In particular, the pandemic has created even more of an opportunity for companies to offer stress management and resilience training as part of their wellness program. Resilience training is a proactive, long-term strategy that helps employees cope with difficult situations, manage stress, and become stronger and more capable as a result. In a recent survey, 81% of companies report that they plan to invest in this area more during the coming year.

4. Personal financial tools to build financial knowledge and wellness.

Financial health has a direct connection to physical health and a person’s overall well-being. Financial issues can have a direct impact on work performance, and research shows that employees who need help with their finances are significantly less likely to be physically healthy and more likely to report feeling frequently stressed or anxious.

Companies can incorporate personal finance and advising into wellness and benefits programs by offering finance workshops, webinars, and other e-learning opportunities to help employees improve their financial knowledge, which can also improve their overall well-being.

5. Community involvement opportunities for a local impact.

Volunteering and community service provides both mental and physical health benefits. Employees who engage in some kind of regular community involvement, such as volunteering on a weekly basis, are more likely to report having lower stress levels, decreased risk for depression, and as cited in a study by Johns Hopkins University, increased brain function.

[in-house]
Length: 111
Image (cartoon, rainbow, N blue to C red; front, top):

Make room in your wellness program for employees to reap the many benefits of giving back by offering time off for volunteering, mentoring, or other social connectedness and community involvement. Your company can also spearhead its own volunteer efforts through the wellness program, which can provide additional benefits of increased engagement, morale, and better teamwork within your organization.

Corporate wellness programs, and employees’ expectations of them, will continue to evolve. Taking a holistic approach that encompasses not just the physical, but mental, emotional, financial, and social aspects of wellness can make those programs more attractive to both existing and potential employees. Tailoring them to fit your employees’ needs is beneficial to both the organization and to employees. Providing a variety of wellness options that people can choose from will help drive participation and ultimately, have a positive impact on engagement, retention, and overall productivity.

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Disclaimer: Please note that this is not all-inclusive. Our guidance is designed only to give general information on the issues actually covered. It is not intended to be a comprehensive summary of all laws which may be applicable to your situation, treat exhaustively the subjects covered, provide legal advice, or render a legal opinion. Consult your own legal advisor regarding the specific application of the information to your own plan.

Editor’s Note: This post was originally published to SyncHR by PrimePay's blog and has been updated for freshness, accuracy, and comprehensiveness.